A Portrait of Susu Attar

Susu Attar

Susu Attar is an Iraqi-American artist based in San Francisco. Susu expresses herself through painting and video, with community involvement an important aspect of all her work. In this interview, fellow Iraqi artist Sundus Abdul Hadi speaks with Susu Attar about her journeys through art, roots, and the Middle East for shakomako(dot)NET.

Iraqi artists and close friends Susu Attar & Sundus Abdul Hadi in 2006

Susu and Sundus circa 2006.

Q: Tell us about growing up Iraqi in California. A: The 80’s and 90’s were volatile and violent in both Iraq and California and I was moving back and forth. As an American, this gave me the chance to think of myself in relation to the world, not just my home. As an Iraqi, it gave me some of the best memories of my life. I was always from both places, a product of both cultures, until the Gulf War in 1991 forced us to choose.

I’m grateful to have grown up in such diversity. Most people seemed to “stick to their own kind” despite all the cultural wealth Los Angeles had to offer. Things were much more racially divided than they are now, although they still are, and I didn’t identify with any one group, so I befriended all. My parents encouraged this attitude and I feel like I’ve learned so much about so many places in the world through a single city. Most other Arabs were invisible, blending in with the black, brown and white folks. I was considered as a Mexican for a couple years but even then my closest Mexican friend’s father was Hawaiian Japanese! And those details didn’t fly over my head.

I’m also grateful to have had a religiously diverse Iraqi community through my parents who mastered the art of not differentiating between people and at the same time not denying their differences. Many Iraqis today seem to be divided along religious lines, let alone class.

Q: How would you describe your art practice? A: Prayer.

Q: References to roots, ancestry, and family strongly resonate in your work. How do you explore these aspects of your identity through your artwork? A: I don’t. I let the paintings direct the explorations. Sometimes my initial gesture reveals something to me and I follow that lead. I don’t think of myself as I paint. I don’t really think at all as I paint, until technical questions arise. And in general, I only think of my “identity” when someone else prompts me to. Having said that, I’m still a product of my family and roots, and I wouldn’t be who I am or even how I am if wasn’t for their influence. So maybe what is reflected is simply an expression of self.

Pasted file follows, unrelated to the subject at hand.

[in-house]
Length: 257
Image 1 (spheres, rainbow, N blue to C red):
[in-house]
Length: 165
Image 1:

Innervisions, by Susu Attar


Q: How have the last ten years of occupation and war in Iraq featured in your work? A: I can’t believe it’s been 10 years!

“Three dimensional reality can get lost in two dimensional images and can produce one dimensional stories about life.”
I started collecting media images of Iraq obsessively when the war began. I would study every detail I could find in them; the blood on the streets, the child’s smile. I was trying to process the reality that was hitting my family in Baghdad as I fell into depression in Los Angeles. Of course pictures are not reality. Three dimensional reality can get lost in two dimensional images and can produce one dimensional stories about life.

Contemplating these images has taught me about how, I, as a viewer of images have been manipulated and how, I, as a painter can manipulate the viewer. I kept collecting the media images and, from time to time, they inspire a painting. It became important for me to distinguish the painting from the photo in a major way and, for the past ten years, I’ve explored various ways of articulating that.

Revisionings, by Susu Attar


“I think it’s important to understand that the painting is an object. It’s not reality. It’s an offering, an opportunity to re-imagine.”
In general, images from Iraq naturally came into my work because it’s a place that I’m connected to, but I wouldn’t say it’s the subject of my work. The paintings are documentations of a process and they hold many meanings to me, none more or less valuable than the meanings they may hold for any given viewer. In fact, this understanding has probably been the biggest shift in the past decade. I started out by using the paint to try and say something, and now I use the paint to create a reflection of its self. I think it’s important to understand that the painting is an object. It’s not reality. It’s an offering, an opportunity to re-imagine.

Q: I know that your artwork is also influenced by the modern art movement in Iraq. Can you tell us more about those and other influences and inspirations? A: My parents had Iraqi art and books about art and archeology all around the house when I was a kid, so those images were my first influences. Some of my earliest drawings, from age 3 to 5 look a lot like Iraqi rugs in terms of color and pattern. I still have a book from that time called, The Grass Roots of Iraqi Art by Jabra I. Jabra. It had pictures of artworks by Jewad Selim and Mahmoud Sabri, whom I love and I think I take a lot from their styles. Early contemporaries were masters of color and that captivated me.

I was also heavily influenced by American painters like Henry Ossawa Tanner and William Henry Johnson. They were very different painters from different periods, but they both disrupted the pre-existing narrative of Black America, and expanded the spectrum of art. I also love Gerhard Richter, who has done so much for so long and yet defies the idea that an artist must have one style.